Extreme Programming is a software development methodology created by Kent Beck and introduced in his 1999 book with the same name. It's an Agile approach to software development that takes best practices to the "extreme". For example, XP considers pair programming to be code reviews taken to the extreme. This is because in pair programming, code is reviewed continually. Kent's methodology led to the popularisation of pair programming in the late 90s and early 2000s.

Pair programming today

Today, pair programming is also popular at non-XP and even non-Agile workplaces, plus outside of the workplace. I often pair with friends to teach and learn new things or to collaborate on side projects. You can share authorship for Git commits with the Co-authored-by trailer in commit messages.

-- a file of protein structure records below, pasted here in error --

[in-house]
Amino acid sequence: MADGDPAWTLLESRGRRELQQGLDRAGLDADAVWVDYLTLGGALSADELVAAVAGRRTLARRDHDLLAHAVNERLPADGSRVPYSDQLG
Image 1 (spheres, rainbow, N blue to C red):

Casual use drops the word "program" in "pair program". For example, someone might say: "I'm pairing with Alice soon. Want to pair later?" It's also common to call your pairing partner your "pair", but I'll use "partner" for simplicity.

Experts and novices

Each partner is considered either an "expert" or a "novice" for a pairing session. Someone's skill level is determined by their experience related to the task at hand, not their job title. A junior developer can be an "expert" for a problem/domain they're comfortable with, and similarly a senior developer can be a "novice" in some cases.